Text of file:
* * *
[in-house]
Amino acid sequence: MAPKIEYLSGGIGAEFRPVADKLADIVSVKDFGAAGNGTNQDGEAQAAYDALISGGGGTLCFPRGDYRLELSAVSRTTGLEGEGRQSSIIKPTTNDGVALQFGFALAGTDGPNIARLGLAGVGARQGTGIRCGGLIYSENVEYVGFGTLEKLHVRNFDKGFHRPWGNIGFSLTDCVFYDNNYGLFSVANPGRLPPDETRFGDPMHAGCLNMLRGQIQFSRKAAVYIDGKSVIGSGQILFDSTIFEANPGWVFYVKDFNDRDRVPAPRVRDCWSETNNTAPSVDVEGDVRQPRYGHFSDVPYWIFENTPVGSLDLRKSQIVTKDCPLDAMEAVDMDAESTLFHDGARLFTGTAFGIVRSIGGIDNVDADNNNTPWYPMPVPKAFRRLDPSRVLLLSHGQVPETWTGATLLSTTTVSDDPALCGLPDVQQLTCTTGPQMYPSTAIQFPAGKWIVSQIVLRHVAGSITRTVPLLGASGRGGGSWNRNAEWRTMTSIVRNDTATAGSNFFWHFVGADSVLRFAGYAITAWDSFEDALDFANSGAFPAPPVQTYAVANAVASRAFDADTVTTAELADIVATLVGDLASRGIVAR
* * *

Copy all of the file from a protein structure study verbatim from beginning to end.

[in-house]
Amino acid sequence: MAPKIEYLSGGIGAEFRPVADKLADIVSVKDFGAAGNGTNQDGEAQAAYDALISGGGGTLCFPRGDYRLELSAVSRTTGLEGEGRQSSIIKPTTNDGVALQFGFALAGTDGPNIARLGLAGVGARQGTGIRCGGLIYSENVEYVGFGTLEKLHVRNFDKGFHRPWGNIGFSLTDCVFYDNNYGLFSVANPGRLPPDETRFGDPMHAGCLNMLRGQIQFSRKAAVYIDGKSVIGSGQILFDSTIFEANPGWVFYVKDFNDRDRVPAPRVRDCWSETNNTAPSVDVEGDVRQPRYGHFSDVPYWIFENTPVGSLDLRKSQIVTKDCPLDAMEAVDMDAESTLFHDGARLFTGTAFGIVRSIGGIDNVDADNNNTPWYPMPVPKAFRRLDPSRVLLLSHGQVPETWTGATLLSTTTVSDDPALCGLPDVQQLTCTTGPQMYPSTAIQFPAGKWIVSQIVLRHVAGSITRTVPLLGASGRGGGSWNRNAEWRTMTSIVRNDTATAGSNFFWHFVGADSVLRFAGYAITAWDSFEDALDFANSGAFPAPPVQTYAVANAVASRAFDADTVTTAELADIVATLVGDLASRGIVAR